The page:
Diane Parkes listens to a group of women who are embracing a male-dominated musical tradition.
It is a Monday evening but there is no shortage of good cheer in the school hall where more than 40 women are singing in harmony.
Arranged on benches at Grove Vale Primary School in Great Barr, the chorus is belting out the tune I’ve Got a Feeling I’m Falling.
It sounds lovely to me but chorus director Rod Butcher isn’t having any of it and insists they give it another go before they are allowed to break off for interviews.
He may be a tough taskmaster but the group are more than happy to try again – after all there are standards to be met.
These women are Second City Sound, a Birmingham-based ladies barbershop chorus. Formed in 1990, the group are now one of the leading choruses in the country, taking fourth place at the Ladies Association of British Barbershop Singers Convention last year.
Barbershop harmonising may traditionally have been a male domain but there are approximately 50 women’s barbershop choruses across the country and the trend is growing.
In school halls, churches, and community centres up and down the country women are sharing their joy of singing.
And Second City Sound is so keen to spread the message its has arranged a free singing course for women from February 21.
The group is hoping to introduce women to the enjoyment of music – and gain a few new recruits along the way.
Rhoda Poyser is one of the newest members but one of the first things she says is that she wished she had joined years ago.
The 59-year-old, who lives in Aldridge, retired from her job as head teacher at Pheasey Park Farm Primary School in Walsall last year, so she now has time for hobbies.
“I had seen the chorus perform at Sutton Town Hall and had loved it but while I was working it was too difficult to have the time for that kind of regular commitment,” she says. “When I retired I wanted to do something for myself.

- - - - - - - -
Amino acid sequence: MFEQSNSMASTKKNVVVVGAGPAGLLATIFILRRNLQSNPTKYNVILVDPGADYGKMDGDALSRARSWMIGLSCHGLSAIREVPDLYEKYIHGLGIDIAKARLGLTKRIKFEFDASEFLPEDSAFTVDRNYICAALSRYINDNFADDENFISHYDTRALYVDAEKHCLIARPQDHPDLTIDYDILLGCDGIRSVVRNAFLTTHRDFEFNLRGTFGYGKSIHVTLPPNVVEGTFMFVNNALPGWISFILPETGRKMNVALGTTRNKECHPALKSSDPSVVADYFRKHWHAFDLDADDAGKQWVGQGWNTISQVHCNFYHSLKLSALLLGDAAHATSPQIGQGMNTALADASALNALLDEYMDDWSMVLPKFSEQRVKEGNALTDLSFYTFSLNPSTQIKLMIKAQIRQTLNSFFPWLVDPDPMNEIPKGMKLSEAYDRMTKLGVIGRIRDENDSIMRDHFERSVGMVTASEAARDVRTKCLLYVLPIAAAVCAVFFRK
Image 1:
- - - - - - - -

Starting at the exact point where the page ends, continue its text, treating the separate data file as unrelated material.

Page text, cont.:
“I had always done a good deal of singing, I used to lead hymn practice at school, but I wouldn’t say I was necessarily a good singer. I am really enjoying learning to sing. And from the first evening I came here people were so welcoming.”
Joining in October 2009, 32-year-old Louise Blackburn, from Great Barr, says she “instantly fell in love” with the barbershop style of singing.
“I loved the experience of singing in four part harmony and came away from each rehearsal feeling elated and full of energy despite starting the rehearsal feeling tired from a full day studying or being at work.
“I have learnt so much about singing technique, music, singing in harmony, made some great friends and also now sing in a quartet. What started as a stop-gap while I was studying for an MA has become a passion.”
She also enjoys the social side.
“Everyone was really kind and welcoming and there was a wide range of people, ages and background which gave it a feeling of vitality.”
And many of the members have been part of the chorus for a good deal longer.
Olive Ryder, aged 72, is one of the founder members and travels from Tamworth every week to take part in rehearsals.
“My husband used to sing with the Anvil Chorus and I used to go along to make the tea,” she recalls. “I was talking to another woman, Jean Young, who also loved singing and we said ‘why don’t we start a chorus?’
“Both Jean and I were quickly hooked and we started the club. Since then it has just become bigger and bigger. We have members who come from Stafford, Bedford, Coventry, we even have one who comes from Wales on occasions.”
Olive is the secretary but she has held every post during the last 21 years.
“For a lot of the members it is more than a hobby because we are also a competitive chorus. We also do sing-outs and competitions.”
Chairman Yvonne Powell, aged 70, from Great Barr, says barbershop singing is all-inclusive because every member of the chorus matters.
“It is four part harmonies and we use a capella and every voice is part of that. It is a unique and entirely different way of singing.”
And now the group are keen to encourage other women to join. A lot of people do not realise there are ladies barbershop choruses,” says Yvonne. “They think a barbershop chorus can only be four men wearing hats singing in harmony.”
* Second City Sound Ladies Barbershop Chorus free singing course takes place between February 21-April 4 from 7.45-9.15pm. For more information contact 0121 605 4755 or email@example.com For more information see www.secondcitysound.org.uk